Software Development: (3 units)
In lieu of CME 212 (not offered 2022-23), students must take an additional 3-units from the list of Scientific Computing.
Large Scale Computing: (3 units)
An additional course (3 units) in Large Scale Computing in lieu of the Software Development requirement.
6 units total
Introduction to parallel computing using MPI, openMP, and CUDA (CME 213)
Discrete Mathematics and Algorithms (CME 305)
Optimization (CME 307)
Distributed Algorithms and Optimization (CME 323)
Convex Optimization I (CME 346A)
Mining Massive Data Sets (CS 246)
NOT OFFERED 2023-24 -Principles of Data-Intensive Systems (CS 245)
Machine Learning Methods & Applications (6–9 units)
Courses in this area must be taken for letter grades. Courses outside this list are subject to approval.
NOT OFFERED 2023-24 - Modern Applied Statistics: Data Mining (STATS 315B)
Artificial Intelligence: Principles and Techniques (CS 221)
Natural Language Processing with Deep Learning (CS 224N)
Deep Learning (CS 230)
Deep Learning for Computer Vision (CS 231N)
Reinforcement Learning (CS 234)
Deep Generative Models (CS 236)
Practical Component of Capstone project
Students are required to take minimum of 3 units of practical component that may include any combination of:
A capstone project, supervised by a faculty member and approved by the student's advisor. The capstone project should be computational in nature. Students should submit a one- page proposal, supported by the faculty member and sent to the student's Data Science advisor for approval (at least one quarter prior to start of project).
- Master's Research: STATS 299 Independent Study. In consultation with your advisor, independent study/directed reading with permission of statistics faculty. (repeatable).
- BIODS 232: Consulting Workshop on Biomedical Data Science Units: 1–2 units
- Gain practical industry experience and exposure to the organization, its industry, and the space in which it operates, Build relationships in the organization and industry, and gain an understanding of related career paths. Applied Data Science with ICME and industry partners (CME 218).
- Industry research teams to tackle complex computational challenges.
- Apply by September 25, 2023 (enrollment is on a rolling basis). Space is limited. https://forms.gle/a2wKV8zMRqEkXXSh8
- Stanford ML group - AI for Health Care Bootcamp
- Students collaborate closely with Postdocs, PhD students from Professor Andrew Ng's lab, the AIMI Center, and faculty members in medicine.
- Consider the bootcamp as their primary academic engagement (30 hours per week) outside of 1 or 2 courses. We encourage students to sign up for research credits (CS 199, CS 399, etc).
- Application will open soon in Fall 2023.
- Pre-reqs:
- Students with a background in artificial intelligence, software engineering or medicine are encouraged to apply. The bootcamp is suited for students who have taken machine learning and software engineering courses.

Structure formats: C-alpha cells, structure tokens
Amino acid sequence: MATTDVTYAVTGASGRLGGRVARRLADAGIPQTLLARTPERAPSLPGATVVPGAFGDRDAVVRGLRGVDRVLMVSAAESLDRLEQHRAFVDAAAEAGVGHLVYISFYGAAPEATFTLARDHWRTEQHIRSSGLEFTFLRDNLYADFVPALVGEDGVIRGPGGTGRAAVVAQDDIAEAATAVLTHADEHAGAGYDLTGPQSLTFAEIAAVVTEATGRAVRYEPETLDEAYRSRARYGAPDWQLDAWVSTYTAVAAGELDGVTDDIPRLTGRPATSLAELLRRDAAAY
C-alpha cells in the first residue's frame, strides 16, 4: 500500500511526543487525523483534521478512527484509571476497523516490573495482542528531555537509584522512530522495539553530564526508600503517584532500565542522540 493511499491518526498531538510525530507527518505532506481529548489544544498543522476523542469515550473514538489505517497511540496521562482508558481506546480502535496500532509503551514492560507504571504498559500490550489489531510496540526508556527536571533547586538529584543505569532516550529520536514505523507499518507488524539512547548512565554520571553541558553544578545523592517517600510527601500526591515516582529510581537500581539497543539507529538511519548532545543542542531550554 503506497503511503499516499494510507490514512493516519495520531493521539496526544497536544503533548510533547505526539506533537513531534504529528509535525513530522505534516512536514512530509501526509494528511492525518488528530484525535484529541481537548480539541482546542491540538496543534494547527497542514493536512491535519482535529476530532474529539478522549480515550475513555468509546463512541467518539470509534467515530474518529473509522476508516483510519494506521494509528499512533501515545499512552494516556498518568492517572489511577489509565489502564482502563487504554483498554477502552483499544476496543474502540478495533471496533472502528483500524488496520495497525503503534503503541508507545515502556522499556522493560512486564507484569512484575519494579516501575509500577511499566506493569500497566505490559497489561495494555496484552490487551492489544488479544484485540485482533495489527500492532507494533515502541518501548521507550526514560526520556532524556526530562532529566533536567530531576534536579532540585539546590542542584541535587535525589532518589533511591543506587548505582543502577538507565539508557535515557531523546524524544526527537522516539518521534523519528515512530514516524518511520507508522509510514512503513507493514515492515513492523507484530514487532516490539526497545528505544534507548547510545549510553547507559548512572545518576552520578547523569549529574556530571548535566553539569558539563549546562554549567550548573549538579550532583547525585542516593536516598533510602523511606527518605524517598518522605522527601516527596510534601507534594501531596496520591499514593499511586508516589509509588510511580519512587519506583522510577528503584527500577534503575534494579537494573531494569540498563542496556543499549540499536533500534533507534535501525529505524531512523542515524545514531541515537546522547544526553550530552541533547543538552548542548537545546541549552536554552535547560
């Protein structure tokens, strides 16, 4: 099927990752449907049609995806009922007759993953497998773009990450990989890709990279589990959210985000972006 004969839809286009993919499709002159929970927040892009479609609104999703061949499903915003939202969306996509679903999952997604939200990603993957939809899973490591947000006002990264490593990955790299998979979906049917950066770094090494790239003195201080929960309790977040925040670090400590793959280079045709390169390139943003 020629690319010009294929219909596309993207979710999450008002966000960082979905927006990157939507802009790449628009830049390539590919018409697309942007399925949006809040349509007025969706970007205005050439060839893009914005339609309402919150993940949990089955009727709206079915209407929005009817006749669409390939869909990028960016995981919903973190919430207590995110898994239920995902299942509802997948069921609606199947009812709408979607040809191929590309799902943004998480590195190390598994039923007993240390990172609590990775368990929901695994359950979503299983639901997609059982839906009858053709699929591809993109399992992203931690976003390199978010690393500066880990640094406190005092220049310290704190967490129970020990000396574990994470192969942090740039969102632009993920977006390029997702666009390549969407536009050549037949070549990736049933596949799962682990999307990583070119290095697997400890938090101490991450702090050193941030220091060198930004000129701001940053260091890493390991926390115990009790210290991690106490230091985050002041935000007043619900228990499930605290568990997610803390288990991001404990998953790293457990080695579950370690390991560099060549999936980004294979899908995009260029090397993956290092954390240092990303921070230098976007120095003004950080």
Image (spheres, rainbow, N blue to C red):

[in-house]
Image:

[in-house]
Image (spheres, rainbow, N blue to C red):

- [Have not confirmed 2023-24 course will be offered] Stanford ML group AI for Climate Change Bootcamp
- Students work closely with PhD students in Professor Andrew Ng's lab and with faculty members in climate change-related fields.
- The AICC bootcamp is an intense two-quarter program where students work on high-impact research problems at the intersection of AI and climate change.
- The bootcamp as their primary academic engagement (30 hours per week) outside of 1 or 2 courses.
- We encourage students to sign up for research credits (CS 199, CS 399, etc).
- Pre-reqs:
- Students with a background in artificial intelligence, software engineering or medicine are encouraged to apply. This role is suited for students who have taken machine learning and software engineering courses.
- Other courses that have a strong hands-on and practical component, such as STATS 390 Consulting Workshop (repeatable).
- This class requires mastery of Statistics at the (graduate) level necessary to provide consultation to fellow members of the university.
- Students attend weekly lectures on Friday to discuss consulting cases and various statistical techniques that arise frequently in consulting.
- When Offered - Data Driven Impact (ALP 301)
- RETIRED - Analytics Accelerator (CME 217) Units: 3 | Repeatable 2 times (up to 6 units total) >> REPLACED by Xplore Projects with ICME (CME 291)
- Multidisciplinary graduate level course offering real-world project-based research. Students work in dynamic teams with the support of course faculty, and outside analytics experts to scope and research projects, apply a computational and data analytics lens and follow design thinking methodology.
- Enrollment by application only.
- RETIRED - Xplore Projects (CME 291) Units: 3 | Repeatable 2 times (up to 6 units total)
- Autumn projects include:
- IDM Gates Foundation Disease Eradication
- Lawrence Berkeley
- Mathworks Speech/Human Motion
- Multimodal Emotion Classification
- Sandia Global Climate
- Stanford ML in Genomics
- Stanford COVID Lung Imaging
- The Ocean Cleanup Beach Analysis
- World Bank Health Systems
- Autumn projects include:
Data Science Electives (6–9 units)
In consultation with the student's program advisor, the student selects courses within the realm of data science to fulfill the remaining coursework required for the degree.
Minimum 6 units of elective coursework.
The following courses may also be taken for elective credit: